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Discus welcomes TPP trade agreement

The Distilled Spirits Council of the United States (Discus) has welcomed the conclusion of initial negotiations on the Trans-Pacific Partnership (TPP), a free-trade agreement between Pacific Rim nations.

Discus has welcomed the new TPP agreement - although it now needs to be ratified by all 12 member countries.
Discus has welcomed the new TPP agreement – although it now needs to be ratified by all 12 member countries.

The US, Australia, Canada, Japan, Malaysia, Mexico, Peru, Vietnam, Singapore, New Zealand, Brunei and Chile have all signed the trade agreement, which will see more than 18,000 tariffs on American products reduced to zero.

Minimum standards for the protection of workers, the environment and intellectual properly also form part of the agreement, which covers countries accounting for around 40% of the world’s economy.

In a statement, Discus says it has “welcomed” the conclusion of TPP negotiations. The Council generally supports trade agreements which open markets for US spirits.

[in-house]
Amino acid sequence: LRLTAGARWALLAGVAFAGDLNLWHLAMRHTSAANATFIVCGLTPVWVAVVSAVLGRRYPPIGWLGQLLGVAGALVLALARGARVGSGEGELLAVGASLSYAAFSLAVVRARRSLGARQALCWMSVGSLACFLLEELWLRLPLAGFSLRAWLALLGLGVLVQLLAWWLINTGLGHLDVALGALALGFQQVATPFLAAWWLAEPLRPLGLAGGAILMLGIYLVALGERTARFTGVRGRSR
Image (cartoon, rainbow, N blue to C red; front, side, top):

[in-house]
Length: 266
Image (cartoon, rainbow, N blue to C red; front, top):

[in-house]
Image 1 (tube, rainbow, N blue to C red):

“We applaud the tireless efforts of the US negotiating team to secure this historic agreement, and we look forward to reviewing the details of the agreement as soon as they are made available,” said Christine LoCascio, senior vice president, international trade and an official advisor to the Office of the United States Trade Representative, which negotiated the TPP.

“American spirits are in the midst of a global boom with US brands from both large and small distillers exported to as many as 130 countries around the world.  Comprehensive and market-opening trade deals create jobs, grow the economy and are good policy for the United States.”

According to Discus, global US spirits exports were valued at over $1.5 billion in 2014, representing the sixth straight year of record exports.

While many trade bodies welcome the TPP agreement, others have criticised the secretive nature of the negotiations. All 12 TPP countries still need to ratify the agreement at home.

In August the EU announced a trade deal with Vietnam which was widely welcomed by the trade.

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